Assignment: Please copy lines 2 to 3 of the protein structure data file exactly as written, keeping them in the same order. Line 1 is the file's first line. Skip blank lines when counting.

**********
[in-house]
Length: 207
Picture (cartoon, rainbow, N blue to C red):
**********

Length: 207
Picture (cartoon, rainbow, N blue to C red):